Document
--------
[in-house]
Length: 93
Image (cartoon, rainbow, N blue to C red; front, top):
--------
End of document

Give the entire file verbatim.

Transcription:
[in-house]
Length: 93
Image (cartoon, rainbow, N blue to C red; front, top):